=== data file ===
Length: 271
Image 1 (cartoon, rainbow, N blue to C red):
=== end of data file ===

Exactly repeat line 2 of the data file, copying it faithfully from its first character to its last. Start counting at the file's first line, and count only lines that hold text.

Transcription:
Image 1 (cartoon, rainbow, N blue to C red):